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Street Sounds: The Movable Beat of Busman’s Holiday

“We started street singing just around town, and eventually found out that Jiffy Treat was a great place for it on Kirkwood.” - Addison Rogers

Busman's Holiday

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Brothers Lewis and Addison Rogers as Busman's Holiday (Courtesy Busman's Holiday)

Brothers Lewis and Addison Rogers have played music together as Busman’s Holiday since 2004.

Lewis was 14 and Addison was 18 when they released their first CD, Shirts & Skins, but they’re probably better known for playing on the streets of downtown Bloomington.

“We started street singing just around town, and eventually found out that Jiffy Treat was a great place for it on Kirkwood,” Addison said, referring to the now-defunct local ice cream shop.

Drummer Addison, and guitarist Lewis share singing duties in the group, and are often joined by another set of brothers, Nick Romy on upright bass, and Matt Romy on keyboard and melodica.

They were recently accompanied by a string section for several shows.

“We usually try to keep sort of a pop mentality to it, just accessible music,” said Addison. “And as far as the street goes, a full band always helps out, as opposed to just a guitarist. It’s much more of a presence.”

The use of instruments not typically used by buskers makes for a unique attraction.

“I find if we can get any weird instrument, it’s perfect, because playing on the street … people will go nuts about it,” Lewis said.

“People obviously like to gawk at my suitcase bass drum,” laughed Addison.

Indeed, the most obvious example of this might be Addison’s unusual percussion set-up.

After numerous unsuccessful experiments to make a bass drum, Addison found inspiration in a Samsonite suitcase and the most unlikely of pop culture icons.

“I don’t know how it came about, I must have seen it somewhere,” he said, explaining how he came to rig a suitcase into a make-shift drum.

“Now that I think about it, it may have been “Weird Al” Yankovic! He used his accordion case as a drum. Weird Al, you’ve done so much for us!”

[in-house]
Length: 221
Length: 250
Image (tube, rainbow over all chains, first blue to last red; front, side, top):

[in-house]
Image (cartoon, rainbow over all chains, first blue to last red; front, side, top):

The portability of Busman’s Holiday, coupled with their inclination towards playing unconventional venues, makes touring particularly adventurous.

“When you’ve got a band, and you’re rocking it, you need a PA, and you need a drum set,” Lewis said. “There are certain perimeters that you have to fit in to.”

“But with us,” interjected Addison, “We could play in a closet.”

“So it’s sort of good and sort of bad,” Lewis continued, “Because you can set up really cool shows that you wouldn’t normally play, and then a lot of horrible shows that people in their right mind would not play.”

According to Addison, the strangest performance the group ever gave was around Halloween of 2008.

“In the fall tour, when it was just Lewis and I, we were at a haunted house,” he said.

“And not inside the haunted house, but outside, playing to the line of people waiting to get in. And a band of 12-year-olds and 13-year-olds opened up for us… well, really they didn’t open up for us. We shared the bill, and they really had the crowd.”

Lewis and Addison’s rapport with each other translates into lively stage banter, and despite the sincerity and complexity of their songwriting, they try like to have as much fun with Busman’s Holiday as possible.

“We try to entertain,” Lewis said. “My philosophy on doing shows is always trying to leave the people entertained, and you know, maybe a little joyful?”

Josephine McRobbie

Born and raised in southeast Australia, Josephine moved to Bloomington in 1996. She graduated from Indiana University in 2007 with a B.A. in Journalism and Sociology. She is currently WFIU's broadcast assistant and arts reporter.

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